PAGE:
I'm glad to hear, because I've went through the town once before and I had something to eat there, and I looked around and I said this is where we should be playing. But it's taken many, many years to make that dream happen, so I'm glad to hear that there could be some interest there and it wasn't just my insane speculation.

Where was it here that you ate at?
Well, I had... I almost think I had some falafel or something. I don't know.

Oh, falafel.
I think, but... and you know, I don't remember every meal, but I do think it was something of that nature that I had while I was passing through.

It might've been Gyros Plus. That's a great place. Good, good, good food; very good food.
Oh, so the restaurant still exists?

Yes, oh yeah. If it's the place I'm thinking of, then yes.
Oh, okay. That may have been where I ate. You know, I came into town and drove around a bit. We were looking for a thrift store or something. I was looking for something. I don't remember what I was looking for, but I went in looking for something and that's when I had this memorable meal. It was quite good.

Yeah, the food here is really good. Most of it is locally grown. Good stuff.
That's what we like. We don't want anymore Applebee’s meals ever.

Can you tell me anymore about this Greg Turkington fellow?
Oh that guy has produced some of my records. And I don't know a lot about his career outside of the records of mine that he's produced, you know.

I know he was in a band called the Zip Code Rapists. Have you ever toured with them?
No, I haven't, but I don't really keep up on all that - on the music and things like that you know. Kind of more involved in just getting from town to town and I don't always have the time to listen to these new sorts of bands you know, unless it's on the radio.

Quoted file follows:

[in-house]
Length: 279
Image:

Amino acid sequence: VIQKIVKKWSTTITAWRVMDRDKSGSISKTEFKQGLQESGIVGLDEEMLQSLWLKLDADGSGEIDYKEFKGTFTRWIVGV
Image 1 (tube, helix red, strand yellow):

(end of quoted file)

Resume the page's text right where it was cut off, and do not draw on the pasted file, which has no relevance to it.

Well I haven't really followed them closely, but I know that they've been around for some time and I've heard some of their stuff; great stuff.
Yeah it sounds good to me. I do like good music, but I can't say that I'm familiar with those guys and I didn't know that he was a musician. I just know that he records some of my shows and makes them into albums, which is very nice. You know, someone would do something like that.

So, again, this is your first time in Gainesville. Coming into this show, do you have any certain expectations? Because I know Gainesville sort of has a reputation.
Well, there was a group that I toured with in Australia years and years ago that was from Gainesville.

Oh, who was that?
I don't know if they're still there and I don't know if they're still making music. They were called Less Than Jake. I don't know if they still play that music.

Yes, they still play.
Well those guys I did about eight or nine shows with them in Australia. Oh, it must've been eight years ago or so, and I don't know why we were playing together. Certainly their music is different than my comedy. But, how we were paired up together... and I had a real good time. They were real nice people. Now I don’t know who is still in the groups. Sometimes in these groups, you'll see them and there's one original member. Have you seen The Temptations lately? These guys, some of them are 20 years old you know. You weren't born yet (sic), what is this? I don't know what happened with Less Than Jake. I mean maybe they don't live in Gainesville anymore, I don't know, but I know that's where they were from because they would talk about it. They would have anecdotes and things.

Yeah, I'm sure most of the band members are still together.
Well, there you go. That's my main anecdote; is spending time with those guys throughout Australia. We did a show in Darwin, Australia, which is... if you look at your map, it is one of the most isolated towns there is, and we somehow got a show going there. It was pretty unusual. I'll tell you, they sold some real tough shows for me because we were playing pretty big venues through these punk rock type of bands you know, and real idiots some of them, people throwing things at me.

That seems to happen a lot to you.